Sunday, 6 November 2011

Creating PCBs - Applying the film

The photosensitive film needs to be applied to the blank copper board before it is exposed through the artwork mask. But before that, the copper board needs to thoroughly cleaned - any skin oils or tarnished spots, and either the photosensitive layer will not adhere, or the etchant will not etch the copper protected by the oils. Both these are undesirable.

I've always cleaned copper board with a powder cleaner, like AJAX, and a scouring pad. The cleaner helps remove oils, and the scourer leaves a slightly "brushed" finish to the copper. The powder of the AJAX probably helps with that, too. Clean the board until it is uniformly bright looking. Oh, you should have cut it to the required size, before this step.

The vendor says that the film should be applied to the copper board using a hot roll laminator, but using an iron is an acceptable second option. The first trick though is separating the 3 layers of the film from each other. The photosensitive part is sandwiched between two clear protective plastic films - one of which needs to be removed before the photosensitive part is applied to the copper.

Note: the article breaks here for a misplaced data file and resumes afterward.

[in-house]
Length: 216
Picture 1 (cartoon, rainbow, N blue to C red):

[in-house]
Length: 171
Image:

At first, I didn't believe the protective layers were there - they are difficult to separate, and even harder to see. The suggested method of getting them apart is to use a piece of adhesive tape to stick to the protective layers, then peeling them back. This does work, eventually, and you can pull back one of the protective layers.

Once one of the layers is removed, apply the film (unprotected side to the copper) from one end and work the film along with your fingers to ensure there are no air bubbles. Don't worry about working a dark room to do this - the film is not that sensitive. Conversely though, don't do it in direct sunlight.

When you're convinced there are no air bubbles, it's time for a press with the iron. Recommended temperature is 130°C, and maybe obviously, don't use steam! Also, don't use the ironing board as a base, as you want to apply a fair amount of pressure with the heat, and ironing boards aren't generally that firm. A flat piece of wood, like a wooden chopping board on a sturdy table is ideal. Place the board, copper and film side up, on the board, then a layer or two of paper, then apply the iron and press down for about 10 seconds.

That's it. The board now has the photosensitive film bonded to it, and the clear protective layer should still be attached to the top. Keep it somewhere dark and leave the protective layer in place until you're ready to expose the board.

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